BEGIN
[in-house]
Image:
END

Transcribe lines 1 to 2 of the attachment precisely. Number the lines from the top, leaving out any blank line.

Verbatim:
[in-house]
Image: